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Hello all. I have Slackware 12.0 installed and I'm trying to transfer data on my USB stick from PC to Linux. Whenever I access the folder containing the USB stick, ...
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  1. #1
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    Question How to disable USB security?


    Hello all. I have Slackware 12.0 installed and I'm trying to transfer data on my USB stick from PC to Linux. Whenever I access the folder containing the USB stick, I get a dialog box that says I don't have permission to receive this "message". I am logged in as root, so what the...

    Peter

  2. #2
    Linux Engineer Freston's Avatar
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    Sometimes not even root has enough permissions. But not in simple tasks like file transfer between media.

    Can you post the output of these commands (issued when you receive said message)

    Code:
    mount
    Checks whether the device is mounted

    Code:
    lsusb
    Checks whether the device is recognized

    And, a couple of seconds after you plug in the device:
    Code:
    dmesg | tail
    To see the kernel response.

    It could be, but I'm not sure, that the device was not properly unmounted. That sometimes causes problems.
    Can't tell an OS by it's GUI

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    Exclamation Output from test

    Hi. Here is the output. I apologize in advance for any typos.
    # mount
    /dev/sda1 on /type ext3 (rw)
    proc on /proc type proc (rw)
    sysfs on /sys type sysfs (rw)
    usbfs on /proc/bus/usb type usbfs (rw)

    #lsusb
    Bus 3 Device1:ID XXXX:XXXX
    Bus 3 Device2:ID XXXX:XXXX Alcor Micro Corp
    Bus 1 Device6:ID XXXX:XXXX Feiya Technology Memory Bar
    Bus 1 Device1
    Bus 2 Device2

    #dmesg | tail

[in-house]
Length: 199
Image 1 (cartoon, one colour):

sdf: Mode Sense 43 00 00 00
    sdf: assuming drive cache: write through
    SCSI device sdf 7929856 512-byte hdwr sectors (4060MB)
    sdf:Write protect is off
    sdf: Mode Sense 43 00 00 00
    sdf: assuming drive cache: write through
    sdf:sdf1
    sd 8:0:0:0 Attached scsi removable disk sdf
    sd 8:0:0:0 Attached scsi generic sg5 type 0
    usb-storage device scan complete

    Whew!

    Peter

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    Super Moderator devils casper's Avatar
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    Post the output of fdisk -l command here. Its small L in fdisk -l.
    It is amazing what you can accomplish if you do not care who gets the credit.
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    Angry More diagnostics

    I'm sorry but I'm just not in the mood to write all that down. But I can tell you that from what I see is that the machine definitely sees a 4GB stick on /dev/sdf1. Interestingly, when I umounted that drive, it said it was not mounted.

    Peter

  6. #6
    Super Moderator devils casper's Avatar
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    Have you tried to mount /dev/sdaf1 using mount command? What error message does it throw?